Before you know it, we were in university and chose our schools based on how close we could be to the snowy mountains. I was gifted a camera out of high school and found I loved to take it with me on all of my adventures (read more about how I fell into photography on page 56 here), so I took it hiking and out in the snow when I wasn't in class or studying.

I soon realised how much fun it was to bring the camera with me and found a way to bring it along no matter what.

Where I realised I was getting better with snow photos was when my brother and I would meet up on our breaks from university or on weekends, and drive to the mountains together to go snowboarding.

He started asking me to bring my camera along and I bought a backpack to hold it in. There is something that changes within you when you snowboard with a backpack on. If you know, you know...

At this point in uni, I had been snowboarding several years, but I realised I was just doing it for myself really...learning skills and getting more confident.

That was fun and all... But at this point, I was super confident on the board and when I had the backpack on and camera in it, I almost felt like I had a newfound duty to document what me and my brother were getting up to out there in the snow.  I felt like I was really important for a minute and the snowboarding gained a new purpose.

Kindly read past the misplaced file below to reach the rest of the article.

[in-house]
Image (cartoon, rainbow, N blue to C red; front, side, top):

We began to frequent a local mountain called Jay Peak in Vermont (USA) and pushed our skills more and more.

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Sidenote **If you have been to this mountain before, then you already know...but for those who haven't...this mountain on average produces the second highest snow totals in the ENTIRE US, second to the potential here for powder is unparalleled and worth checking out!**

My brother would push me to try harder and harder trails and before you know it, we were going down from the hardest trails on the mountain. He encouraged to get my camera out and I began to snap our experiences.  I started shooting with a Canon Rebel t6s and a basic kit telephoto lens.

It felt right to have this camera in my hands and it was the first time I felt like I was taking photos of something that not a lot of people get do. For some reason it felt necessary for me to be the person to be doing this.